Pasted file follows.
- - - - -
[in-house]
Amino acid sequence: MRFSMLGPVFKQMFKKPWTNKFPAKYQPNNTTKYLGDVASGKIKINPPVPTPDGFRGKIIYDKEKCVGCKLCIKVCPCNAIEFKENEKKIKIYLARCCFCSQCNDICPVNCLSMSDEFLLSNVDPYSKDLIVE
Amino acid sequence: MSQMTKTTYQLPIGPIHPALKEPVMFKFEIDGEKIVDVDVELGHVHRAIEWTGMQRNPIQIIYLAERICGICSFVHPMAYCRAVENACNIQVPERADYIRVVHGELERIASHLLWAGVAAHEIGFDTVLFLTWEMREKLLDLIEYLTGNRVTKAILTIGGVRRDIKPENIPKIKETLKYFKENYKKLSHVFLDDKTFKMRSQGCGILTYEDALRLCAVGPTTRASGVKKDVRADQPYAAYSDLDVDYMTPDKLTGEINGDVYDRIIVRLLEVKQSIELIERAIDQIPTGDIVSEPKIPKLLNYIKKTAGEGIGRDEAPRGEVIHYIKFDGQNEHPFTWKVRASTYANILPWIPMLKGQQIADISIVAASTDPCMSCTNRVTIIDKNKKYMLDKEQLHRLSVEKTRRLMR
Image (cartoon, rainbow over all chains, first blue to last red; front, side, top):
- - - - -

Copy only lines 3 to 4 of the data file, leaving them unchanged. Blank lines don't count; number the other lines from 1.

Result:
Amino acid sequence: MSQMTKTTYQLPIGPIHPALKEPVMFKFEIDGEKIVDVDVELGHVHRAIEWTGMQRNPIQIIYLAERICGICSFVHPMAYCRAVENACNIQVPERADYIRVVHGELERIASHLLWAGVAAHEIGFDTVLFLTWEMREKLLDLIEYLTGNRVTKAILTIGGVRRDIKPENIPKIKETLKYFKENYKKLSHVFLDDKTFKMRSQGCGILTYEDALRLCAVGPTTRASGVKKDVRADQPYAAYSDLDVDYMTPDKLTGEINGDVYDRIIVRLLEVKQSIELIERAIDQIPTGDIVSEPKIPKLLNYIKKTAGEGIGRDEAPRGEVIHYIKFDGQNEHPFTWKVRASTYANILPWIPMLKGQQIADISIVAASTDPCMSCTNRVTIIDKNKKYMLDKEQLHRLSVEKTRRLMR
Image (cartoon, rainbow over all chains, first blue to last red; front, side, top):